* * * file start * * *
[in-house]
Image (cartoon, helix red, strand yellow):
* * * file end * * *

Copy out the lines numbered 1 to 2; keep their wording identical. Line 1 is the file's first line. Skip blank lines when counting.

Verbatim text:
[in-house]
Image (cartoon, helix red, strand yellow):